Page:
Effects of lighting on heart rates and respiratory rates in Calves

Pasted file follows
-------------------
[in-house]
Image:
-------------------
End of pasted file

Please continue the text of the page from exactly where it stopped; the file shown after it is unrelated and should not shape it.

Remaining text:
Abstract: This study aims to see if light intensities can affect calves’ physiological reactions to their environment, in this case an obstacle course and a novel-object test. An additional red light setting compared to a white light was also tested in low light intensities. Twelve 2–4 month old heifer calves were used. Two tests were performed in succession; an obstacle course followed by a novel-object test, under four light intensities; 225±20 lx (full), 5±0.7 lx, 0.5±0.2 lx and 0.5±0.2 lx in red light. Heart rate and respiratory measurements were taken before and after the obstacle course and after the novel-object test. The overall results showed an increased HR in 225 lx and 0.5 lx in red compared to all other light intensities (p<0.05), whereas 5 lx showed the lowest heart rate compared to all other light intensities (p<0.05). Results from measurements taken before the obstacle course showed the largest increase in heart rate in 225 lx and 0.5 lx red (p<0.05). For measurements taken after the obstacle course, 225 lx gave the highest heart rate course (p<0.05), 0.5 lx and 0.5 lx in red were intermediate (p<0.05) and 5 lx gave the lowest (p<0.05). After the novel-object test there were no differences in hart rates, these were all lower than both before (p<0.05) and after (p<0.05) the OC. There was no effect of light intensity on respiratory rate. However, the respiratory rate was higher after the obstacle course independent of light-intensity (i.e., treatment) (p<0.05). There was no difference in respiratory rate for the measurements taken before the obstacle course and after the novel-object test. In conclusion, 225 lx and 0.5 lx red gave an increase in heart rate in calves before the obstacle course. After the obstacle course, the full lighting (225 lx) had an increasing effect on heart rate, while the effect of both low light intensities (0.5 lx and 0.5 lx red) heart rate was intermediately high. There were no treatment effects on heart rate during the novel-object test. There were no treatment effects on respiratory rate at any measuring point.
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